- Waypoint Church
A Greater Love
Updated: May 25, 2021
written by Trace Clevinger
In many areas of life, including your schooling and your career, if you want to accomplish a goal, you can often just work harder until you’ve gained the knowledge you need or until the job is complete. However, I’ve learned that there are some areas of life, specifically in our walks with Jesus, that clearly confront us with the reality that no matter how hard we try, we will simply fall short if we rely on our own abilities and strengths.
This really started hitting home two months after I graduated college, and one month after getting married, when my wife and I joined a community of Christians dedicated to living in a marginalized section of Durham. Our hope was to see transformation and reconciliation through the power of the Gospel and to learn what it looked like to follow Jesus outside the confines of college. Our time there was not pretty – it was messy and harder than we would have ever imagined. We made plenty of mistakes, but in the midst of it all, God revealed to us more how insurmountable His love is and how limited ours was.
Some of our struggles simply came from our living conditions. When we moved into our rental house in July, the house’s air conditioning unit was not working because the copper pipes had been stolen out from under the house. When winter hit, our house became infested by yellow jackets that were getting in through the window. These and other experiences we had were humbling as our head-knowledge of the daily struggles faced by many in our community became experiential knowledge.
As challenging as those things were, we were still able to maintain love for our neighbors. In fact, our love may have even increased as we related more with the challenges they faced. It wasn't until seven months in when our house was robbed that we were truly confronted with the limitations of our ability to love. What made it worse was that our two dogs, a Pit Bull mix and a Chow mix, were inside the house when it happened, meaning it was likely someone who knew us (and our dogs) who had aided in the robbery.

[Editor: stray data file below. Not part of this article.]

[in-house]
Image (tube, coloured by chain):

How were we supposed to maintain love for the neighbors who were likely the ones who had stolen from us? We couldn’t. We had reached the end of our ability to love.
That’s when I first started to realize that I couldn’t will myself to “love my enemies”, as Matthew 5 commands. I simply couldn’t fabricate feelings from within myself when I had been unjustly wronged. I found that the obedience to such commands wouldn’t come from my will power or work, but only from the Spirit of the God who had loved His enemies, myself included, so much so that He endured the cross on behalf of the very people who had rejected Him so that we might be reconciled to God. So, look to Jesus, only He is able to love us perfectly, and He promises to give us grace to love others as well.
“Looking to Jesus, the founder and perfecter of our faith,
who for the joy that was set before him endured the cross,
despising the shame, and is seated at the right hand of the throne of God.”